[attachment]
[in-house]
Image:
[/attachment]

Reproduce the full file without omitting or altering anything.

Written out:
[in-house]
Image: